5. Find unique ways to do your Christmas shopping. Look for the times and ways that wouldn’t be as stressful to you. Crowds may make you crazy. Holiday traffic can leave any of us frustrated and on edge. Shop online. Or get out early, or later at night, when the crowds aren’t as big. Plan to go with a friend, who you can enjoy some one on one time with while you’re out.
6. Before the party, event, or family celebration, have a plan in advance. Ask God to direct your steps, and help you reach out to someone else who may be struggling. Think of some things ahead of time, that you might like to ask, conversations starters or questions for a friend or co-worker. It may sound crazy to those for whom words seem to flow easily, but for others who feel uneasy in the social mix, it’s strengthening to already have some words prepared.
7. Offer to help your host serve, look for something to do. Sometimes it just helps to have a job, even it seems small, to give something to focus on or be busy with. Offer to help, in the kitchen, getting drinks or food out, setting up, whatever it might be. Often just helping someone else, takes the focus off of ourselves and how “we’re” feeling, instead putting all that energy into something more productive and fun.
8. Know when it’s time to leave. Ask God for wisdom. And then, just do it. Even if it’s earlier than what others think you should. Don’t feel guilty or make excuses. Just thank your host, and go home when you need to. Or, if visiting family out of town or while at a gathering for a longer period of time, find moments while there just to refuel. Take some time to step outside, take a walk, take a nap, play a game, offer to drive others to go see a movie, engage in one on one conversation with someone, anything that can refresh and recharge your need for time alone.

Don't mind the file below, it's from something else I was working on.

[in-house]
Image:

9. Look for those who seem lonely. Reach out to others who need help. Introverts often have that keen eye, listening ear, and incredible discernment about the needs and feelings of others. Look for that person at church who seems all alone. Notice the one at the party who might be struggling. Think about those who have suffered recent losses and hardships this year, who may just need someone to visit or call them. Stop for the homeless person. Give to that family who is facing hardship. Reach out. Notice those God sends across your path.
10. More than anything else this season, spend time alone with God. Reflect on the true meaning of Christmas and gift of Christ’s birth. Read His Word. Worship. Pray. Sing. Join with other believers to celebrate our King. This is most crucial for us all, introverts and extroverts alike. Without Christ, nothing else matters in this season, or in life.
He alone is the One able to refresh, recharge, and renew our spirits. He knows us. He designed us. He made us for His purposes. He breathes life into our weary souls, and gives joy to our days.
His greatest commandment summed up from Matt. 22: 36-40: “Love God, love others.”
That’s really at the heart of it all.
Debbie McDaniel is a writer, pastor's wife, mom to three amazing kids (and a lot of pets). Join her each morning on Fresh Day Ahead's facebook page, DebbieWebbMcDaniel, for daily encouragement in living strong, free, hope-filled lives.
Find her also at Twitter.
Publication date: December 9, 2015